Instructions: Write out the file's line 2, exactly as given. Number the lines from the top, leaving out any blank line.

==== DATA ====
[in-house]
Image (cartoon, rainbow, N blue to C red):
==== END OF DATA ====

Image (cartoon, rainbow, N blue to C red):